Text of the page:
[ALBUM REVIEW] The Growlers: Chinese Fountain
The Growlers have emerged from the murky depths of a white-capped sea off the coast of Southern California, and they’ve come baring treasure. Their fifth album, Chinese Fountain, was written and recorded over the course of one month, and marks their most refined, experimental work thus far. Taking refuge in the brick-walled confines of Los Angeles’ Seahorse Sound Studios, Captain Brooks and his beach rat brigade hoisted the sails of their tattered vessel to embark on unchartered waters. Genre-wise, the 11 tracks accumulate to a goulash of goodness; touching on chilled-out reggae, surf-punk, and disco, but at the heart of it all is the salty swagger of beach goth’s sole pioneers.
Our stroll down the black sand beach begins with “Big Toe”; a hammer of a tune that strikes down in true Growlers’ fashion with reverb soaked howls and bright guitars rested atop a thumpy bassline. From here the album becomes a funhouse of sorts, with twists and turns through varied musical stylings. The title track “Chinese Fountain” is a shadow-dwelling disco jam that acknowledges youth culture’s infatuation with technology while ironically leaning on a number of flashy synthesizers.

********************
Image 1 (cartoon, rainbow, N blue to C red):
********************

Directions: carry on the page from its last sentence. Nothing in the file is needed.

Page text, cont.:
In light of their past work, Chinese Fountain is a focused piece that points to the band’s growth not only musically but mentally. They’re no longer wallowing in the memories of lost loves or freak accidents that result in their warehouse burning down. The wisdom shines through most on the optimistically crafted “Going Gets Tough” with the calming realization that “...when the going gets tough, our labor of love will reward us soon enough.”
Working alongside their longtime partners at Everloving Records, the album was released September 23rd and will be toured internationally through the end of November. San Franciscans can catch them at Treasure Island Music Festival while those in southern California should be in attendance of their annual Beach Goth Party October 25th.